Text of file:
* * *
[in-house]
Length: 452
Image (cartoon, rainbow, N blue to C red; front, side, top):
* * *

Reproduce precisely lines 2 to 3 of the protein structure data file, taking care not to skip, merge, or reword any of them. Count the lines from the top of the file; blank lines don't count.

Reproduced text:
Length: 452
Image (cartoon, rainbow, N blue to C red; front, side, top):